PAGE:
So yes those are the example how in just 1 island things can get very different to one another, even in Sulawesi you can find the Bugis in Makassar and only to drive 4 hour before you see the land of the Christian Animist tribes of Toraja. In Celebes, Ambon and Nusa Tenggara the population are culturally tribal and gatherer, rather than the civilized Hindu-Buddhist kingdoms of Sumatra, Bali, Lombok and Java, so East Indonesia becomes unique on its own and are still filled with remote tribal villages in different islands. The population in Ambon and Nusa Tenggara have been mixing with the Melanesians, so often they look more like Papuans. Then when you go to further East you will step into Papua the Melanesian's land, and the island is basically filled with hundreds of different tribes.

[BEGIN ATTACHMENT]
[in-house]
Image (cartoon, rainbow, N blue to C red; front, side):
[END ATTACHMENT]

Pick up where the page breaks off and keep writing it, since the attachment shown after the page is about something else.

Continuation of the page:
Religion also plays a factor along with their previous background, such as the Javanese's Hindu-Buddhist background and the more Christian east with tribal background. Along with religion also are the climates of the islands, each different cultural group are formed and grew from different environment that their islands offer, many of these small islands in tribes are often isolated and didn't really receive any outside influence and become unique on its own, for example the staple of Eastern Indonesia is Sago rather than rice. You can see it by travelling in Nusa Tenggara alone to see the variety of the tribal culture, and observe different believes and cultural practice these different islands hold.